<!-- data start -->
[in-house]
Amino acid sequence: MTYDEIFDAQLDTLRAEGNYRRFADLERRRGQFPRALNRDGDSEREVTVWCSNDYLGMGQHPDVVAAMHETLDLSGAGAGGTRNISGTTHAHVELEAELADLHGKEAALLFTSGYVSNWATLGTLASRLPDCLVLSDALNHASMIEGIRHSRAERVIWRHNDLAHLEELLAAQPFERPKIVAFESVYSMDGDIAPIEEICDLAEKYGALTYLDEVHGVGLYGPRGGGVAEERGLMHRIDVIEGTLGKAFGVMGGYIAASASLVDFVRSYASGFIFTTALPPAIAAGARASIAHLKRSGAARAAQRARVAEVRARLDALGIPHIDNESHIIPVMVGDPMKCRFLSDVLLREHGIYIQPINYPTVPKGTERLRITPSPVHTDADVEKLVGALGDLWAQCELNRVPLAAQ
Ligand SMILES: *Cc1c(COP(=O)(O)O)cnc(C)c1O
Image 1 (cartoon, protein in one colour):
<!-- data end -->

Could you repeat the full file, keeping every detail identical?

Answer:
[in-house]
Amino acid sequence: MTYDEIFDAQLDTLRAEGNYRRFADLERRRGQFPRALNRDGDSEREVTVWCSNDYLGMGQHPDVVAAMHETLDLSGAGAGGTRNISGTTHAHVELEAELADLHGKEAALLFTSGYVSNWATLGTLASRLPDCLVLSDALNHASMIEGIRHSRAERVIWRHNDLAHLEELLAAQPFERPKIVAFESVYSMDGDIAPIEEICDLAEKYGALTYLDEVHGVGLYGPRGGGVAEERGLMHRIDVIEGTLGKAFGVMGGYIAASASLVDFVRSYASGFIFTTALPPAIAAGARASIAHLKRSGAARAAQRARVAEVRARLDALGIPHIDNESHIIPVMVGDPMKCRFLSDVLLREHGIYIQPINYPTVPKGTERLRITPSPVHTDADVEKLVGALGDLWAQCELNRVPLAAQ
Ligand SMILES: *Cc1c(COP(=O)(O)O)cnc(C)c1O
Image 1 (cartoon, protein in one colour):